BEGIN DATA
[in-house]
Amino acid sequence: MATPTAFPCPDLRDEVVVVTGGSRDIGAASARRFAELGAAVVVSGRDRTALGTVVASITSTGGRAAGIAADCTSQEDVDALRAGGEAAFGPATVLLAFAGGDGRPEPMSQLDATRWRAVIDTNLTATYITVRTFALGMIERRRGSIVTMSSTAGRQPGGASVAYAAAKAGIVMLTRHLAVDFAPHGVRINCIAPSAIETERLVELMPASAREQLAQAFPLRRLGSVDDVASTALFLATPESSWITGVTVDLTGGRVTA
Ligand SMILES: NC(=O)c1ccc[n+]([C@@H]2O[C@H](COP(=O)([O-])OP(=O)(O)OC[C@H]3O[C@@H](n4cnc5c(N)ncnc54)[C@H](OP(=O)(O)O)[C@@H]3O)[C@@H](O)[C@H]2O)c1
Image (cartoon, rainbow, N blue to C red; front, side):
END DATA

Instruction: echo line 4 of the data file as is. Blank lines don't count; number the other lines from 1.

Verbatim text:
Image (cartoon, rainbow, N blue to C red; front, side):